Pay to Quit Playing

But the pure play companies are rather more, ahem, motivated to find a way to make the market work, and will tend to be more flexible and nimble.   In the case of ClearEdge, you have a very small fish swallowing up the fuel cell assets of a very big fish, UTC Power.  Even odder, United Technologies was so anxious to shed its fuel cell business that UTC actually paid ClearEdge to take it.  It seems that UTC simply lost patience with the slow development of its two target markets, prime power and buses.  (UTC’s bus business thus far is a casualty of this deal, as it does not appear to fit into ClearEdge’s business plan and, to date, there has been no announcement of a buyer.)

One conclusion here is that whether a large conglomerate persists in an emerging market depends on whether it sees the new technology business as complementary to its core business.  In the case of multinationals in the EVSE market, EV charging becomes one more offering in its portfolio, serving its existing customer base.  For UTC, although the company had long-standing expertise in fuel cell technology, executives are increasingly focused on its aerospace, elevator, and cooling products.

The second story is about another group of large multinationals – the automakers.  Practically speaking, it is challenging for a dedicated fuel cell manufacturer to compete in the passenger car market – just look at the troubles that battery vehicle companies have had.  The global auto companies are able to spread their bets among a range of clean technologies.  However, they are finding the pathway to a cost-competitive FCV challenging to navigate.  Thus Daimler’s partnership with Nissan and Ford, which will allow the companies to order components at much higher volume and spread their costs among more vehicles.  Unfortunately, Daimler has also pushed back its commercialization date from 2015 to 2017.  Let’s hope that this deal, along with the Toyota-BMW and Volkswagen ones, does not turn out to be a paper-only partnership that never sees real products introduced.

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Fleet Managers Seek Alternative Fuels

— May 28, 2013

To meet federal, state, and local mandates for alternative drive vehicle adoption and fossil fuel reductions, local fleet managers must find replacements for traditional gasoline-powered vehicles that are both economically and environmentally beneficial.  At the Green Transportation Conference hosted by TransEnergy Solutions recently, it was clear that finding the optimum alternative drive vehicle replacement for any given fleet is not easy.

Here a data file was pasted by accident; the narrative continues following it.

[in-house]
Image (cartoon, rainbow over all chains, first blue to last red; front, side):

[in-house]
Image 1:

Advanced technologies for alternative drive vehicles come with a price premium, alternative fuel infrastructure requirements, and the need for driver training programs on how best to operate and refuel the replacement vehicle.  The fuel cost savings of the replacement vehicles have to pay back the aggregated costs of those items in as few as 3 years to make the alternative drive vehicles appealing to fleet buyers.

Adding to the difficulty is the fact that there are many alternative fuels and drive technologies for fleets to choose from.  Technologies featured at the conference included regular hybrids, hydraulic hybrids, compressed natural gas (CNG), liquefied natural gas (LNG), liquefied propane gas (LPG), plug-in electric vehicles (PEVs), and fuel-cell vehicles (FCVs).

Find Your Niche

Choosing the wrong technology for the wrong application can turn potential savings into costs.  For instance, purchasing a light duty hybrid to replace a low-mileage light duty fleet vehicle would not likely pay back the cost of the advanced technology, as hybrid technologies accrue the greatest savings per city-mile driven; the more the vehicle is driven on city roads with stop and go traffic, the quicker it pays back its premium.  Equally economically inefficient is purchasing an LNG-powered medium duty truck for inner-city applications, as the evaporative nature of LNG reduces the fuel economy of the technology considerably when the vehicle is idling.